In 2012 you can now contribute $17,000 annually from your pay into your 401(k) plan. The increase, which is required by law to adjust for inflation, is $500 higher than this year's level. The 401(k) elective contribution limit has not been increased since 2009, because inflation had been too low to prompt an increase.
And if you're over 50 at any time in 2012 (even if you turn 50 on December 31st 2012), you can contribute an additional catch up contribution of $5,500, for a total of $22,500.
But surveys of retirement plan participants show that only about five percent of about 60 million 401(k) plan participants contribute the maximum allowed to their 401(k) plan accounts.
Making these contributions is more affordable than you think. When you make 401(k) contributions from your pre-tax pay, this will reduce the taxes taken from each paycheck. So while contributing $17,000 a year may sound like a lot of money, it's only about $210 per week after the tax savings are factored in. Another way to look at it is that when you make pre-tax contributions of $17,000 to your 401(k) plan, you can save approximately $6,000 in federal and state income taxes each year.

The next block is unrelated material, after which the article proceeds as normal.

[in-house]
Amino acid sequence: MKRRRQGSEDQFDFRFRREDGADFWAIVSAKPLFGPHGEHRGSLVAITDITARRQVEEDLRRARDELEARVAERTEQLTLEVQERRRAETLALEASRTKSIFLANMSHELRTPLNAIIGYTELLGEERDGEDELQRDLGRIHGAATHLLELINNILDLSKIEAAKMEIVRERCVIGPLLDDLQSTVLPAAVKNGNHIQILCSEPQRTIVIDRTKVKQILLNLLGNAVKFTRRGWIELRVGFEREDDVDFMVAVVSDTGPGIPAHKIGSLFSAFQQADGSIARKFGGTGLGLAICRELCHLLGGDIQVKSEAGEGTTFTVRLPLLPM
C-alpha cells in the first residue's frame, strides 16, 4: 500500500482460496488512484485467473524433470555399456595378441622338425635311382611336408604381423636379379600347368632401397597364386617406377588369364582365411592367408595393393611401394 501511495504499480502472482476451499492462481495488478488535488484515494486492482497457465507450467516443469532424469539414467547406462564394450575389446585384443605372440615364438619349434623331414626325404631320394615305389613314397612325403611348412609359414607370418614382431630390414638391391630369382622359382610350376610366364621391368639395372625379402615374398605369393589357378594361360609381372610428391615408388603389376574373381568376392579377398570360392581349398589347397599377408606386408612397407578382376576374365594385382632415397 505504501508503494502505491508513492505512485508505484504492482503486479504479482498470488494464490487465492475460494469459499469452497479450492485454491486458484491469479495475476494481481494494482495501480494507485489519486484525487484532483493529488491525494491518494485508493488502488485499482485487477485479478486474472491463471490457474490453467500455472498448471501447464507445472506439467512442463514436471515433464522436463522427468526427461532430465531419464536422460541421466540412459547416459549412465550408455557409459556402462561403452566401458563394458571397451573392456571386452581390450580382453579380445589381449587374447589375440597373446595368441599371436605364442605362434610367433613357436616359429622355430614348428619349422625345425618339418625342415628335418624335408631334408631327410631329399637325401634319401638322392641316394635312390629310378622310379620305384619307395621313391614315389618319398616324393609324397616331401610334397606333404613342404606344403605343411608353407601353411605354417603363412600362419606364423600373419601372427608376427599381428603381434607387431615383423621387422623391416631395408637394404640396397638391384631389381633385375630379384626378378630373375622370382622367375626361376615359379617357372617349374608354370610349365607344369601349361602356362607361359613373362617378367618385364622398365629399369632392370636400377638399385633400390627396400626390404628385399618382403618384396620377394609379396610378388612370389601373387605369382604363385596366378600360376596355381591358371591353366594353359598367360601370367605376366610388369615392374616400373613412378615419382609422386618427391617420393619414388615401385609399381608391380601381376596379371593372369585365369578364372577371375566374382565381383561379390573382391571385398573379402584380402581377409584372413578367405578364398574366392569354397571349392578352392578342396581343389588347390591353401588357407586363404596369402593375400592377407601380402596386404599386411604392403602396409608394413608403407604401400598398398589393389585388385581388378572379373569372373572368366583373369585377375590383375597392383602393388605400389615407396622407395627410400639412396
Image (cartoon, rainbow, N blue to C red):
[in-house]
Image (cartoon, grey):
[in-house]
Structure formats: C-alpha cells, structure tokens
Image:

Saving money on income taxes is more important than ever, especially when you consider that workers in 2012 will also pay Social Security tax on more of their income. In 2012, the amount of earnings fully subject to the Social Security tax - the so called 2012 Social Security wage base - will also rise from $106,800 to $110,100. This means that workers who earn over these limits will pay an additional $200 per year in Social Security taxes.
If you can't afford to make the maximum contributions allowed to your retirement account, then at least make sure you are putting in enough money to take full advantage of your company match. A company match is like getting free money, so don't pass it up.